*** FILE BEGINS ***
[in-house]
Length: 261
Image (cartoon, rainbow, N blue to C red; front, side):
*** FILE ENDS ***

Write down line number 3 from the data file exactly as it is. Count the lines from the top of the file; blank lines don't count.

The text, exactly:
Image (cartoon, rainbow, N blue to C red; front, side):